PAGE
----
"The vast majority of both traditional teacher-education programs and alternative certification programs are not meeting the needs of kids," says Barnett Berry, president of the Center for Teaching Quality in Hillsborough, N.C. The debate between the two is "a false dichotomy," he argues, since there is often far more variation in quality and design within the two camps than between them.
In particular, Mr. Berry notes, most programs right now are doing a poor job of preparing teachers for schools in high-poverty neighborhoods. "The pace of life in those schools is such that it's not all that amenable to learning on the job," he says. "It's too intense."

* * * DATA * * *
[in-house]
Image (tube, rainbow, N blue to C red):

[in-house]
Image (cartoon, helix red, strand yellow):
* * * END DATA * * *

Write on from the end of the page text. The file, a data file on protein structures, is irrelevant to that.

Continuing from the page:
Not everyone agrees with that assessment, and some people point to studies showing that training makes little difference in teacher effectiveness.
"The variable that makes the most difference is the recruitment and selection on the front end," says Emily Feistritzer, president of the National Center for Alternative Certification in Washington. She's a proponent of easing the entry to the classroom, especially for well-qualified or older candidates who may be less inclined to return to school for a traditional teaching degree.
Alternative routes to teaching, which number more than 100, share certain
characteristics: They generally speed up the process of entering the profession, and usually, participants take at least some of the course work concurrently with the first year of teaching.
But the programs range from highly selective ones with finely honed training segments and good on-the-ground support to programs that many consider "degree mills" and may have no real supervised training.